10.
Sturrock  BR, Chevassut  TJ.  Chloroquine and COVID-19—a potential game changer?   Clin Med (Lond). Published online April 17, 2020. doi:10.7861/clinmed.2020-0129PubMedGoogle Scholar
11.
Costanzo  M, De Giglio  MAR, Roviello  GN.  SARS-CoV-2: recent reports on antiviral therapies based on lopinavir/ritonavir, darunavir/umifenovir, hydroxychloroquine, remdesivir, favipiravir and other drugs for the treatment of the new coronavirus.   Curr Med Chem. Published online April 16, 2020. doi:10.2174/0929867327666200416131117PubMedGoogle Scholar
12.
Di Giambenedetto  S, Ciccullo  A, Borghetti  A,  et al; GEMELLI AGAINST COVID-19 group.  Off-label use of tocilizumab in patients with SARS-CoV-2 infection.   J Med Virol. Published online April 16, 2020. doi:10.1002/jmv.25897PubMedGoogle Scholar
13.
Infectious Diseases Society of America. Infectious Diseases Society of America guidelines on the treatment and management of patients with COVID-19. Accessed April 20, 2020. https://www.idsociety.org/practice-guideline/covid-19-guideline-treatment-and-management/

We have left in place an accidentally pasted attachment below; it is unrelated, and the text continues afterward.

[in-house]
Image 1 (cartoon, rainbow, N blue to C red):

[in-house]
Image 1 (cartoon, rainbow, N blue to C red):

14.
US Centers for Disease Control and Prevention. Weekly US influenza surveillance report. Accessed April 28, 2020. https://www.cdc.gov/flu/weekly/#S3
15.
National Vital Statistics System. Provisional death counts for coronavirus disease (COVID-19): daily updates of totals by week and state. Accessed April 28, 2020. https://www.cdc.gov/nchs/nvss/vsrr/covid19/index.htm
Limit 200 characters
Limit 25 characters
Conflicts of Interest Disclosure

Identify all potential conflicts of interest that might be relevant to your comment.

Conflicts of interest comprise financial interests, activities, and relationships within the past 3 years including but not limited to employment, affiliation, grants or funding, consultancies, honoraria or payment, speaker's bureaus, stock ownership or options, expert testimony, royalties, donation of medical equipment, or patents planned, pending, or issued.

Err on the side of full disclosure.

If you have no conflicts of interest, check "No potential conflicts of interest" in the box below. The information will be posted with your response.

Not all submitted comments are published. Please see our commenting policy for details.

Limit 140 characters
Limit 3600 characters or approximately 600 words
    1 Comment for this article
    EXPAND ALL
    Outcomes for Children with COVID-19 in Pediatric ICUs
    Michael McAleer, PhD (Econometrics), Queen's | Asia University, Taiwan